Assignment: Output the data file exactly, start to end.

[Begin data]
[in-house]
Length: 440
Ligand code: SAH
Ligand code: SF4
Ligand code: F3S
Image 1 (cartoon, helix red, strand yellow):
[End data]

[in-house]
Length: 440
Ligand code: SAH
Ligand code: SF4
Ligand code: F3S
Image 1 (cartoon, helix red, strand yellow):